Rising exploitation

Posted: 22 July 2009 in Uncategorized
Tags: ,


As I explained to students in a course this past spring, the existence of a constant profit-wage ratio (which is often used to argue that income inequality is not getting worse) is consistent with increasing exploitation, i.e., rising S/V.

The reason: a growing share of “wages” is actually executive compensation, i.e., distributions of surplus-value.

That’s one way of interpreting the data discovered by Kevin Drum in an article published by the WSJ:

Executives and other highly compensated employees now receive more than one-third of all pay in the U.S., according to a Wall Street Journal analysis of Social Security Administration data — without counting billions of dollars more in pay that remains off federal radar screens that measure wages and salaries.

The pay of employees who receive more than the Social Security wage base — now $106,800 — increased by 78%, or nearly $1 trillion, over the past decade, exceeding the 61% increase for other workers, according to the analysis. In the five years ending in 2007, earnings for American workers rose 24%, half the 48% gain for the top-paid. The result: The top-paid represent 33% of the total, up from 28% in 2002.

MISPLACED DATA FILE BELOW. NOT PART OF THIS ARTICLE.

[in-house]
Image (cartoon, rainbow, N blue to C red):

1. […] Money and Main Street Jump to Comments I just saw found CNN.com has a special section of their website called Money and Main Street devoted to reporting “how economic headlines are affecting everyday Americans.”  Unfortunately, it falls short on its promises.  A quick browse found no in-depth look at the growing ranks of the homeless, discussion of citizen-led alternative forms of economy, or the growing share of executive wages. […]

Leave a Reply

Fill in your details below or click an icon to log in:

WordPress.com Logo

You are commenting using your WordPress.com account. Log Out /  Change )

Twitter picture

You are commenting using your Twitter account. Log Out /  Change )

Facebook photo

You are commenting using your Facebook account. Log Out /  Change )

Connecting to %s